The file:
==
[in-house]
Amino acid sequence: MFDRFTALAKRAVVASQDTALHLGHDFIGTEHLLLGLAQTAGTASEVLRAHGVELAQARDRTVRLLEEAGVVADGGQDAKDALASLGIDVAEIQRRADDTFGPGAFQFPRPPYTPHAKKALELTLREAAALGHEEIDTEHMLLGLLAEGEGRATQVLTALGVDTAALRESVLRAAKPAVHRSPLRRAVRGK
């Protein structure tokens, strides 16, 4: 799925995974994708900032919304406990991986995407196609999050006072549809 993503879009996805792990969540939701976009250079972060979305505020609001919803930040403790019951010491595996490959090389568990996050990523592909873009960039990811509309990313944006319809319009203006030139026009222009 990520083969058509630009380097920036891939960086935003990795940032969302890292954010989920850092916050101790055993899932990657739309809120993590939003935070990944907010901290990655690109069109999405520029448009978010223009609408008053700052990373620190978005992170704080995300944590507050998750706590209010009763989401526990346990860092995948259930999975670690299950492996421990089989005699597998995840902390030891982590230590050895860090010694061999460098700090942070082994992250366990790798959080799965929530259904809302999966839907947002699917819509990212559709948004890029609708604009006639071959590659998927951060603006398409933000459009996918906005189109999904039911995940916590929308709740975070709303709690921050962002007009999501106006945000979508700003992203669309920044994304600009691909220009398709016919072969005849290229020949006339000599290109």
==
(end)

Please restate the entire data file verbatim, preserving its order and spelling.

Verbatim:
[in-house]
Amino acid sequence: MFDRFTALAKRAVVASQDTALHLGHDFIGTEHLLLGLAQTAGTASEVLRAHGVELAQARDRTVRLLEEAGVVADGGQDAKDALASLGIDVAEIQRRADDTFGPGAFQFPRPPYTPHAKKALELTLREAAALGHEEIDTEHMLLGLLAEGEGRATQVLTALGVDTAALRESVLRAAKPAVHRSPLRRAVRGK
């Protein structure tokens, strides 16, 4: 799925995974994708900032919304406990991986995407196609999050006072549809 993503879009996805792990969540939701976009250079972060979305505020609001919803930040403790019951010491595996490959090389568990996050990523592909873009960039990811509309990313944006319809319009203006030139026009222009 990520083969058509630009380097920036891939960086935003990795940032969302890292954010989920850092916050101790055993899932990657739309809120993590939003935070990944907010901290990655690109069109999405520029448009978010223009609408008053700052990373620190978005992170704080995300944590507050998750706590209010009763989401526990346990860092995948259930999975670690299950492996421990089989005699597998995840902390030891982590230590050895860090010694061999460098700090942070082994992250366990790798959080799965929530259904809302999966839907947002699917819509990212559709948004890029609708604009006639071959590659998927951060603006398409933000459009996918906005189109999904039911995940916590929308709740975070709303709690921050962002007009999501106006945000979508700003992203669309920044994304600009691909220009398709016919072969005849290229020949006339000599290109």